Lord Goodhart: In that case, rather than using the word "likely", is it not better to say that he "is intending to commit"? It may be a matter of better drafting. If a person has a present intention, that is a different matter. There may be evidence that a person is now doing something which is preparatory to the commission of an offence. But, if one is simply talking in terms of someone who is likely to commit an offence, then it seems to me one returns to the problem of looking at someone and saying, "He is likely to commit an offence in the future because he has committed an offence or several offences in the past". I could accept the word "intending", but it seems to me that as present drafted the reference to someone who "is likely to commit" an offence is deeply unsatisfactory.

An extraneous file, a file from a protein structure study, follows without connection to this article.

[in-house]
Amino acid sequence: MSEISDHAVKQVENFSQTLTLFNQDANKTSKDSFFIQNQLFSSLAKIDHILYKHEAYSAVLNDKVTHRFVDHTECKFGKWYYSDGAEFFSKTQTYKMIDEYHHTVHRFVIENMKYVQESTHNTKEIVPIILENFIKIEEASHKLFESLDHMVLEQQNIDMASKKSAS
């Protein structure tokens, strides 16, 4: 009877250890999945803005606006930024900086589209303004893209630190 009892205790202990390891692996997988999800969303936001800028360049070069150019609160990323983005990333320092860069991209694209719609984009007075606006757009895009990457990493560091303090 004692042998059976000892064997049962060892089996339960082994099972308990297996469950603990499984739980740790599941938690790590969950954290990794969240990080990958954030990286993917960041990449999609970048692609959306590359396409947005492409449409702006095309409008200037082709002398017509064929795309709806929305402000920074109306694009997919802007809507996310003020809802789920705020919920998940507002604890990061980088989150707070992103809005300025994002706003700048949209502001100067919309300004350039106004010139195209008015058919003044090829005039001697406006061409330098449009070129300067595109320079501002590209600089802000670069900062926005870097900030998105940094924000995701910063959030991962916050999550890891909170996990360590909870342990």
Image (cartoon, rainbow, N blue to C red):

Earl Russell: I hope that I may return to the points made by the noble Lord, Lord Higgins, and the noble Lord, Lord Grabiner. Both of them suggested that the intention is as much in relation to the future as the words "likely to". I recall an article by the late F W Maitland with the delightful title of The Early History of Malice Aforethought. Malice aforethought, mens rea, is a well recognised concept in the criminal law. The guilty intention is, if proved, a present fact. Here I think is the crucial distinction. If we can prove that there is a serious possibility that a person has an actual intention of committing a crime, we are proving that there is something in his behaviour--as my noble friend Lord Goodhart suggested, in his preparations or in his state of mind--which is evidence of an actual settled intention to commit a crime. That is something which the law is well used to investigating in court. Because it is, it has worked out a series of practical tests for doing that and it knows how to set about it. I am not aware that the law has any similar machinery for working out who is likely to do this, that and the other. When I think of the disagreement between my noble friend Lord Goodhart and the noble Lord, Lord Grabiner, both, I should have thought, people of great expertise in the construing of parliamentary statute, thinking of the case of Pepper v Hart, I wonder whether anyone reading our debates would be any the wiser about how to construe the words "likely to" and whether that is perhaps another reason for taking them out.